- Purchase/rental options available:
Bulletin of the History of Medicine 75.3 (2001) 611-612
[Access article in PDF]
Deadly Glow: The Radium Dial Worker Tragedy
Ross Mullner. Deadly Glow: The Radium Dial Worker Tragedy. Washington, D.C.: American Public Health Association, 1999. xii + 175 pp. Ill. $32.00 (paperbound, 0-87553-245-4).
Soon after the Curies isolated radium in 1898, its local effects on skin and subcutaneous tissues received some attention; but only a small number of persons were exposed to the new element, and it had the reputation, although false, of being harmless. Ironically, the Curies, although they themselves were injured by radium and they knew of its harmful effects, refused to admit that it caused the illnesses from which they chronically suffered. Simultaneously, medical uses for radium were explored. For example, in 1901 a French physician utilized it in an effort to cure lupus and other skin lesions. Later physicians used it to treat a variety of cancers. Ross Mullner informs his readers that "radium was used internally to treat hundreds of diseases, including everything from acne to insanity. It was administered orally, by inhalation and injection, and by enema and suppository" (p. 33). Before telling the tragic story of the radium dial workers, he introduces his readers to radium in his first three chapters. He includes its discovery, the search for ore, early experiments, and the interesting, but not unusual, idea of medical uses of radium (other dangerous industrial poisons, such as lead and mercury, have also been utilized for medicinal purposes).
The major part of this book is an examination of the story of the radium dial workers' ordeal. It is mainly descriptive, except for the last chapter entitled "Conclusions." Deadly Glow describes in detail the disease of radium poisoning suffered by young women workers who painted mainly watch dials in the 1920s. The United States Radium Company in New Jersey was the most notorious of the companies that employed these young women, exposed to an industrial poison that caused a puzzling new disease. American workers first used small amounts of radium mixed with other chemicals to illuminate gauges and dials, military [End Page 611] instruments, and gun sights during World War I; after the war, radium was utilized to paint watch dials. As illnesses occurred among the young women dial painters, the hazard of using radium became evident. Symptoms included anemia, lesions on the gums, and necrosis of the jaw. The women suffered slow, horrible, and painful deaths. At first, death was not linked to radiation hazard; eventually, however, scientists concluded that the dial painters' disease was occupational in origin and due to radium inhalation and ingestion when the women pointed brush tips with their mouths.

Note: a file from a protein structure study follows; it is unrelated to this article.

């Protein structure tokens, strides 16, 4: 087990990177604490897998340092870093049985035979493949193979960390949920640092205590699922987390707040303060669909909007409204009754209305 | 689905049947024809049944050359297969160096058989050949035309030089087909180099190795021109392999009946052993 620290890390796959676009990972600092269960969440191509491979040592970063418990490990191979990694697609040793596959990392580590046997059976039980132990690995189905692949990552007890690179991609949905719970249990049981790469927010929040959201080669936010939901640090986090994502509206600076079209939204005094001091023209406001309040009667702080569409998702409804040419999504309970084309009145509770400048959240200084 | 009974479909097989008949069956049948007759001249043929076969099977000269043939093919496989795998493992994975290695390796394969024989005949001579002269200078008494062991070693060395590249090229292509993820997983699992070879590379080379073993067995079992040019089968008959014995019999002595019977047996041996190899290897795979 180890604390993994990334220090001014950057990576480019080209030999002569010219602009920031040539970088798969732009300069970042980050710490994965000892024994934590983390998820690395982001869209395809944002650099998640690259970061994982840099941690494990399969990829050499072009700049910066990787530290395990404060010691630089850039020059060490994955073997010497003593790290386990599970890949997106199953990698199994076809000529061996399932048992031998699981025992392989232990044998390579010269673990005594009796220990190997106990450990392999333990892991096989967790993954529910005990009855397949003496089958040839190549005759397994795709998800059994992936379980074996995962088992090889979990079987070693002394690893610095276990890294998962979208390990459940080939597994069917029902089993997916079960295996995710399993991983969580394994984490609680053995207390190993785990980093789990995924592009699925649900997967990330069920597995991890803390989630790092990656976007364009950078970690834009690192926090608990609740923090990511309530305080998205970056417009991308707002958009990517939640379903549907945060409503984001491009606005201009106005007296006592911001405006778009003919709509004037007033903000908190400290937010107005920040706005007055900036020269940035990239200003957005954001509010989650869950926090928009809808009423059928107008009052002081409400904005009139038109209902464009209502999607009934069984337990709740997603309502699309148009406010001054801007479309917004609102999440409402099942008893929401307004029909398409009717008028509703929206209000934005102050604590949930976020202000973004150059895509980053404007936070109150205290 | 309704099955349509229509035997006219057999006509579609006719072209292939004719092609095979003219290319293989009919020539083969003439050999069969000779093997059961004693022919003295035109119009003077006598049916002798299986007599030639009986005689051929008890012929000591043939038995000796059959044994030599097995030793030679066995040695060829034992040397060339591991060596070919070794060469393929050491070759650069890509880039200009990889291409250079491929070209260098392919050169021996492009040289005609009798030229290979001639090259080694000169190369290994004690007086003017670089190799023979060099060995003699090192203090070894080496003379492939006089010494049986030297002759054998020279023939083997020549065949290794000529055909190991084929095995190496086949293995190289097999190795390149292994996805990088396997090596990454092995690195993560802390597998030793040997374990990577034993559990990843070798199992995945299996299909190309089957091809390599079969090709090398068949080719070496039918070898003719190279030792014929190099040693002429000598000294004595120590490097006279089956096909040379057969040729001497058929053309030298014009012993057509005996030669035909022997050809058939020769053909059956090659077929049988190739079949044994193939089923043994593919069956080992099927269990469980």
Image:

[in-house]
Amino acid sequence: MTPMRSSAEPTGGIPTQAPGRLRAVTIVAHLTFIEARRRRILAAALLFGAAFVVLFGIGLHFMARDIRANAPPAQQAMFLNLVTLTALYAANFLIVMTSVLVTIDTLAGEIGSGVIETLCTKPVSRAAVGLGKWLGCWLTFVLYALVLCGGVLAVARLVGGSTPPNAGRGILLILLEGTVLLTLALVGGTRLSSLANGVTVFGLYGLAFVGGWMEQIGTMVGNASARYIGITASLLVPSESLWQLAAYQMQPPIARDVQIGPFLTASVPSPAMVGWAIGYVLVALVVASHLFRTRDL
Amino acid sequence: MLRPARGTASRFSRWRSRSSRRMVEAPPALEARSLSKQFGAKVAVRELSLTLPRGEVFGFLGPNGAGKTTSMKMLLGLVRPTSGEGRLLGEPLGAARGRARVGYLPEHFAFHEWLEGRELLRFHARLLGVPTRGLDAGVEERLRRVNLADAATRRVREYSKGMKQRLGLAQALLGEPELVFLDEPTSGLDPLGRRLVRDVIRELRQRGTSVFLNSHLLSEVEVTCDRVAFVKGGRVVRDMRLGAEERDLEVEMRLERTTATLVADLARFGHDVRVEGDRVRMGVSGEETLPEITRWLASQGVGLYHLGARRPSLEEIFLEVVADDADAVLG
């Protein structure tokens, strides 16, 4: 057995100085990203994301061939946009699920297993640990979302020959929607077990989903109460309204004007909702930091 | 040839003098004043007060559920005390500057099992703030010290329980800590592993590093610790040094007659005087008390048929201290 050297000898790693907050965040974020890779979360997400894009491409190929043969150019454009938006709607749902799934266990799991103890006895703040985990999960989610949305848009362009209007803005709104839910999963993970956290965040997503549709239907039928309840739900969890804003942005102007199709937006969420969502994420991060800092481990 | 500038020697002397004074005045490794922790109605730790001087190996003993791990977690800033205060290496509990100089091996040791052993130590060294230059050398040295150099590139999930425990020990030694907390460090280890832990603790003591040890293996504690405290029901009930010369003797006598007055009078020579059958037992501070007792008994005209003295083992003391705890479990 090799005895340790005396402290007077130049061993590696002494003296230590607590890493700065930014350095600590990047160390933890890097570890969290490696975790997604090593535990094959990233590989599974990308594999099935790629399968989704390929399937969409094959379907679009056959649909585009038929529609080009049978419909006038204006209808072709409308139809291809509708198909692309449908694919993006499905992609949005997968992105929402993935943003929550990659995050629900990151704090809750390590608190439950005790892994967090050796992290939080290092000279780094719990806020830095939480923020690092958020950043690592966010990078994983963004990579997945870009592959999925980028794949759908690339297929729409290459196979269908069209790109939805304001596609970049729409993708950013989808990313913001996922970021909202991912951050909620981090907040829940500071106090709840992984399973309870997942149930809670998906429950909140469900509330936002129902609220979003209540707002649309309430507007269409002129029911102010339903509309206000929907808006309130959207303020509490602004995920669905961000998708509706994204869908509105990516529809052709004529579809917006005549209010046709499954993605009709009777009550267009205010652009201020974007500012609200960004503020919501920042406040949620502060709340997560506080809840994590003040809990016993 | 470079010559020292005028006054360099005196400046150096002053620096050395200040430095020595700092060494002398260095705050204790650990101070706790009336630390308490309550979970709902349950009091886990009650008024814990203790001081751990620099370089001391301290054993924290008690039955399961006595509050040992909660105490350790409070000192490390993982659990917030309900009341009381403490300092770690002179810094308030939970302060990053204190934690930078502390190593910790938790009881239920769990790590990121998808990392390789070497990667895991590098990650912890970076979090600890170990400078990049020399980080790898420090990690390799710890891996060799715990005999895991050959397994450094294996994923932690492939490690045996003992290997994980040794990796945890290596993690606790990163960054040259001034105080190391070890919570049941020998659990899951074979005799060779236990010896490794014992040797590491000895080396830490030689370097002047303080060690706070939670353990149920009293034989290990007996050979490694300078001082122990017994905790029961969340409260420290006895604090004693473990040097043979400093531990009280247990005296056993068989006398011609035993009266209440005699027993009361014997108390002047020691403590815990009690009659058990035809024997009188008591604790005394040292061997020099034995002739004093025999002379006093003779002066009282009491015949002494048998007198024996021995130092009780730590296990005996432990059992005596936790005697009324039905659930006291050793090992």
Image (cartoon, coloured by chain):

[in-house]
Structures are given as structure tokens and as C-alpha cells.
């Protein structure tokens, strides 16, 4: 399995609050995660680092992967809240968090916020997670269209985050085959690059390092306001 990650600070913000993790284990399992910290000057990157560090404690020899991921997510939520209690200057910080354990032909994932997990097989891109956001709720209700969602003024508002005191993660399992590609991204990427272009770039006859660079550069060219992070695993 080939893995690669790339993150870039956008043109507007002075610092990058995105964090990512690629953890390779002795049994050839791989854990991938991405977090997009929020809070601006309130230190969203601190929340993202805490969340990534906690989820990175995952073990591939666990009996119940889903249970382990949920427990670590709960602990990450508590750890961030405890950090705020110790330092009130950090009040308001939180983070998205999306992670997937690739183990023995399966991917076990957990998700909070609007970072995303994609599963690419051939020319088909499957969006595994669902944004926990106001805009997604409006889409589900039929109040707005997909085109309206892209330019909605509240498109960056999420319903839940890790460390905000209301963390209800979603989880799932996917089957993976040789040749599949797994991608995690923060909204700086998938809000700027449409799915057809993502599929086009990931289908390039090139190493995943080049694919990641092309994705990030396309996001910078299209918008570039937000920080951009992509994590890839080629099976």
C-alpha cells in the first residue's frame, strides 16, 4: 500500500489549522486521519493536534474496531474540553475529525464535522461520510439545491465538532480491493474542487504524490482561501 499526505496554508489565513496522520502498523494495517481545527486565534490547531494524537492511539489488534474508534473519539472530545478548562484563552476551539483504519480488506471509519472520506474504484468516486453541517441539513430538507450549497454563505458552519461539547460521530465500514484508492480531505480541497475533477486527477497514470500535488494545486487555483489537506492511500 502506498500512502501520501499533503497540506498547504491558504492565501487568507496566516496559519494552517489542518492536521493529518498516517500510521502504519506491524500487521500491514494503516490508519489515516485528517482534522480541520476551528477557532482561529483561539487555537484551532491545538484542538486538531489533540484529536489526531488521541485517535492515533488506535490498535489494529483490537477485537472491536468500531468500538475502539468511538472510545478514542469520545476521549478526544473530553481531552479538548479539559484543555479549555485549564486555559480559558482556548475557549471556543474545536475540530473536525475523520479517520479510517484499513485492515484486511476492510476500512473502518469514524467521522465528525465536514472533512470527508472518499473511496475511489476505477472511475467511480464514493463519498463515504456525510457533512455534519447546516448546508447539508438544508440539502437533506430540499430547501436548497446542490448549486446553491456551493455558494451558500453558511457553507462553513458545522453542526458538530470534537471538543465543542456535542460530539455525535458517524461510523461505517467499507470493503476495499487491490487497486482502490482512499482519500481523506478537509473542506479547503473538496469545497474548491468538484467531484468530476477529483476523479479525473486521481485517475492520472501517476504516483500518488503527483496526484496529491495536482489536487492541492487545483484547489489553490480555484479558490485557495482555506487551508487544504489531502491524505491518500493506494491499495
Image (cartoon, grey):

The radium companies refused to accept these findings. Conflict arose over causation and legal issues; for example, a major difference concerned the definition of the occupational hazard involved in dial painting. Many women sued for compensation and payment of their medical bills. Most lost their suits; others received little or no compensation from the courts. They were powerless. This terrible story of injustice becomes even more shocking to the reader because Mullner has utilized medical case reports to describe the suffering of the women.
This story has been told before. It will be told again. This version is well written, interesting, and informative. Although the American Public Health Association published this book, a public health framework does not appear until the last page. However, the author weakly ties later developments in occupational safety and health to this early incident in the history of occupational health: "Without the radium occupational safety standard which was the direct legacy of the dial painters, tens of thousands of American atomic bomb workers might have been exposed to dangerously high levels of radioactivity" (p. 127).
In the last chapter, Mullner finally gets to his public health point--namely, the legacy of the radium dial workers. He cites many of the positive occupational health changes, such as new laws regulating health and safety and protecting workers, right-to-know laws, and retention of medical records. At...